Since attending your seminar, I’ve been asking for what I need to be successful at work and enjoying the results. My problem is with my teenagers. I ask all the time for them to perform simple tasks around the house, and they still don’t do a thing until I yell. It’s exhausting after a full day of work to come home to this. Since you teach that every time we raise our voice, we’re being aggressive and damaging another person’s esteem, I’m at a loss. What do you suggest?
Dear Screaming Mama,
Living with teenagers myself, I realize that right now it’s all about them. I also remember back to being a teen thinking my parents were the biggest thorn in my side because they expected us to truly help around the house, and we couldn’t go anywhere until our chores were done. Can you believe that?!! My Father was good at yelling if he didn’t see you move fast enough. I’m a mellower version of my folks. Don’t yell, but every behavior has a consequence and I’m the Queen of Follow Through.
It appears that you’ve establish a pattern with your teens. They slack off until the yelling begins and then they put it into gear. So, you need to break the pattern now. Sit them down and tell them you will no longer be yelling to get them to accomplish their tasks. They’re big kids and it’s time for them to be responsible. Tell them you will gently remind them one time, and after that (if it isn’t done within a certain time parameter you establish together), there will be an immediate consequence. Describe the consequence clearly and directly. Then, you MUST follow through. Gentle reminder. No yelling. Immediate consequence.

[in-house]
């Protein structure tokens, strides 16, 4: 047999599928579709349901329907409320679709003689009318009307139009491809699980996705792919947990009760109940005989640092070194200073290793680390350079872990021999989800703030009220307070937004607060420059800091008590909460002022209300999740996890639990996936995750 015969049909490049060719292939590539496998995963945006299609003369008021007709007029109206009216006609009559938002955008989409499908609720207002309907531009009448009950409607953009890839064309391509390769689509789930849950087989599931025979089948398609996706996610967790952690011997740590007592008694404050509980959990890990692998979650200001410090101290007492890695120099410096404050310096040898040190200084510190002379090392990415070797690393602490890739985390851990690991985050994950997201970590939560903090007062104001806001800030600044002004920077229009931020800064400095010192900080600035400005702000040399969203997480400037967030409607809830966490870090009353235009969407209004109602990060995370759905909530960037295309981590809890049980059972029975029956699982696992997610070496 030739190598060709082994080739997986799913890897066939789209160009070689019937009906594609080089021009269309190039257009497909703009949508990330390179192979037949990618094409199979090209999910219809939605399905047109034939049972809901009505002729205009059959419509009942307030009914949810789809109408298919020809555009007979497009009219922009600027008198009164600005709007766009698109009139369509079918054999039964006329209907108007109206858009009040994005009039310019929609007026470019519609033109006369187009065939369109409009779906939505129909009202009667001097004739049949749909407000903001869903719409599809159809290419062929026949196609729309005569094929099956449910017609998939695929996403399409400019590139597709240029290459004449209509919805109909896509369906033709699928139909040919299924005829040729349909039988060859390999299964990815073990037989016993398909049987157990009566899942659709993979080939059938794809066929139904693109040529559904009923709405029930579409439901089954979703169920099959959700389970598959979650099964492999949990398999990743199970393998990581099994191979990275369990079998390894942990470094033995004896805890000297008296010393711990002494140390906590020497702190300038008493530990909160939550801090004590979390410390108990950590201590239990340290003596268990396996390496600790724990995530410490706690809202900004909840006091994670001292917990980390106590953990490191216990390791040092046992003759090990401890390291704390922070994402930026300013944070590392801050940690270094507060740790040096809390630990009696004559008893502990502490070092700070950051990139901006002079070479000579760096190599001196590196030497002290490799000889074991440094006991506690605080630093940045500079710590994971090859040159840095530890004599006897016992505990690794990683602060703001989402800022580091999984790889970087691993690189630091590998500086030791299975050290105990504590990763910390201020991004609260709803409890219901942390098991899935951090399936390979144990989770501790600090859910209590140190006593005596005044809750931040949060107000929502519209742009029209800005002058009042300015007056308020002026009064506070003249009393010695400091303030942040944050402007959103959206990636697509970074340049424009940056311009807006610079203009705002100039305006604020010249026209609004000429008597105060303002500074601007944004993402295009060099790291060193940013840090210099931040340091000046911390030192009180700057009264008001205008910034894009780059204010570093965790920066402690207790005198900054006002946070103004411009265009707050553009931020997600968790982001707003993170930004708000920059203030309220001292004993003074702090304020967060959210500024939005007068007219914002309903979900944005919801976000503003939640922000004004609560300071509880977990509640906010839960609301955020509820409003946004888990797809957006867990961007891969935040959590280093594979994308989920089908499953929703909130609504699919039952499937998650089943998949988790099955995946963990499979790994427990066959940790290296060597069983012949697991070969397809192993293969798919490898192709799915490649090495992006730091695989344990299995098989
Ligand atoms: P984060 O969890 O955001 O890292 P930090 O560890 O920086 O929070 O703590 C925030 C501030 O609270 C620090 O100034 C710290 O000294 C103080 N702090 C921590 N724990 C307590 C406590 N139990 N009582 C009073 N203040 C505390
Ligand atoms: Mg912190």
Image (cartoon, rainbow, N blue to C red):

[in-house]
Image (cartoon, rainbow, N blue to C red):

For example, my daughter blew off a task, and her favorite thing in the world is to drive. So, as soon as it wasn’t done in a timely fashion I calmly said, “Since you didn’t follow through and do what you were asked this week, you’ve lost car privileges for the next 4 days. Unless you are going to/from your job, no car.” Her baby sister has her license, so the fact that her little sister had to drive her to school drove her nuts!! Plus, I wouldn’t drive her to simply go meet a friend. She was on her own for rides. I make no exceptions, and I don’t debate the consequence or discuss it once it’s delivered. She got it.
It may take time for your teens to see you’re serious, but they’ll eventually get the message when you take the time to follow through. YOU teach people how to treat you. Even your kids.